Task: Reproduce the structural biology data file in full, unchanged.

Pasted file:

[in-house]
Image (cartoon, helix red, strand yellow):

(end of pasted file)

[in-house]
Image (cartoon, helix red, strand yellow):